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How to Paint Landscaping Rocks

By James Clark ; Updated September 21, 2017
Landscape rocks accentuate a garden.

Paint the landscape rocks in your yard and garden to create a unique, personalized touch. Whether you paint in vibrant colors to reflect the colors in the garden, or prefer muted earth tones such as terra-cotta, brown and taupe, painting the landscape rocks can transform a garden into a quiet, meditative space for reflection and the simple enjoyment of nature. Use acrylic paints for their long-lasting quality and resistance to the elements. Add a coat of spray sealant when the paint is dry and arrange your creations any way you like.

Mix water and 1/2 cup of laundry soap in a metal tub placed outside near the rocks.

Soak the rocks in the soapy water for several hours.

Scrub each rock with the brush to remove dirt and allow the rocks to dry in the sun. Cleaning the rocks helps the paint adhere to the stone surface.

Paint the rocks as desired with the acrylics, which are the most durable paint formulations for use on stone and masonry. Some landscaping gardens use painted rocks in earth tone colors, such as brown and terra-cotta. Others blend the color of the rocks with the colors in the garden. Depending on the porous qualities of the rock, it may take more than one coat of paint to achieve an even color.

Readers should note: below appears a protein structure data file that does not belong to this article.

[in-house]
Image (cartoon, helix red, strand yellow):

Spray sealant over the entire surface of each rock to reduce fading from the elements. Sealant in a spray can is available at hardware stores and art-supply shops in the paint department.

Arrange the rocks in a manner most aesthetically pleasing to you. Suggestions include alternating different rock sizes to create a symmetrical effect around the garden, or tapering from large to small to evoke a feeling of movement.

 

Things You Will Need

  • Assorted colors of acrylic paint
  • Paintbrushes in a variety of widths
  • Bristle brush
  • Sealant in a spray can, such as DecoArt or Blackfire Deep Gloss
  • Laundry soap
  • Metal washtub or bucket

Tip

  • Clean your brushes as soon as possible after using acrylic paints, which dry rapidly and are water resistant. Spray foaming bathroom cleaner on the bristles to help with paint removal.

Warning

  • Paint in a well-ventilated area, preferably outside.

About the Author

 

James Clark began his career in 1985. He has written about electronics, appliance repair and outdoor topics for a variety of publications and websites. He has more than four years of experience in appliance and electrical repairs. Clark holds a bachelor's degree in political science.